What I’m going to be doing is I’m going to take the total amount of my taxes plus my purchase and apply it to the GL account that I specified on the line in this case repair is a maintenance expense the total amount here of the line plus the taxes and then the credit is to taxes payable. So at the end of a quarter or the end of a month or whenever I report taxes I’m going to reconcile the tax payable lines with a tax report. You can see here also that the only amount going to accounts payable is the amount of the invoice the amount of that line without the taxes.

Let’s look at another example this is a purchase invoice for a fixed asset you can see that I have it filled out already I’ve got the amounts I have the tax error code identified I’m also identifying this as a used Tax item I’m going to self-assess the use tax in this case because my vendor does not collect tax in my local area so again I’ve got the total amount of the fixed assets I have no taxes on the invoice because that is correct we can look at the posting preview here and see what’s going to happen at the general ledger.

The total amount of the purchase which includes the cost of the equipment and the self-assessed use tax is going to go to the equipment GL you can see the tax payable here and finally the accounts payable credits. So this is exactly what I want I would go

ahead and post these and I would be done with the transaction.


Finally let’s take a look at the reporting. Tthe reporting on this is pretty straightforward. We go to the sales tax collected screen here. I’m just going to look at the use tax. There’s different levels of detail we can look at let’s run the summary first put a date filter in here then I’ll run it. This is a summary level report for the period that identified you can see that here I’ve got taxable sales amount. The tax amount it’s identified in this report as sales tax but it’s actually used Tax and we’ll see that in the next report we look at which is going to be the detail report. So let’s look at the detail report, use the same setup, preview it. There’s a report here that says individual transactions for which use tabs was calculated and accrued and we can see the use tax marker right here for these transactions. It shows the sales tax amount and the fact that it’s used Tax if we scroll all the way down to the bottom we’ve got a total on this of two thousand three dollars. So what I would do is use this report on a regular basis to reconcile with my sales tax payable and complete my reporting to the government then when it came time to pay the tax I would write out a check for the various governments and debit taxes payable and then I’d be done.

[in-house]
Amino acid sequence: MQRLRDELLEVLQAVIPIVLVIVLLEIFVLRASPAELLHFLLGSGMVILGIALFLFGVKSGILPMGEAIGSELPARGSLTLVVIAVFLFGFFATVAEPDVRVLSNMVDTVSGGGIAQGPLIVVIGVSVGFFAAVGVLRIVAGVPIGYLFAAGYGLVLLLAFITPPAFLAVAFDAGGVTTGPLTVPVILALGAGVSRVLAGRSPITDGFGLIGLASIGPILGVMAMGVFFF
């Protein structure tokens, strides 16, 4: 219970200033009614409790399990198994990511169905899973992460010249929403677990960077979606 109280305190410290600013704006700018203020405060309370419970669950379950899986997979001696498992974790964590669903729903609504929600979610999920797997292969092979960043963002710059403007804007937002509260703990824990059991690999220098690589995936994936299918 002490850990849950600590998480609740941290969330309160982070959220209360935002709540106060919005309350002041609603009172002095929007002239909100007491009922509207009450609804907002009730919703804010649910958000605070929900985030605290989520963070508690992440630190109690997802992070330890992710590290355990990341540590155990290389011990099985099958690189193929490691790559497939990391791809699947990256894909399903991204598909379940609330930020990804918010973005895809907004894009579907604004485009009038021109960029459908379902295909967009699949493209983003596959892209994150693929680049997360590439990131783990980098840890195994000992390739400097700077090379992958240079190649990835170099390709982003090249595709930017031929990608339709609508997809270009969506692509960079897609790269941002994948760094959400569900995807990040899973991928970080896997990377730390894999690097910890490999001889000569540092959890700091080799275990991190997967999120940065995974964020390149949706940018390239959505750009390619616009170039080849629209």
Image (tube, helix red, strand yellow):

The way I like to look at the setup is I start with the compliance requirements for my different areas in which I do business and I’m required to collect use tax and report on use tax to make sure that it’s set up to make it easy to comply with the requirements of my local government and then analyze a transaction processing to make sure that the transactions that I execute properly calculate and recognize use tax when I want it and finally I look at the setup in my experience in Business Central is that it’s relatively easy to set up it will take some maintenance as tax rates change but it’s pretty straightforward and easy to use.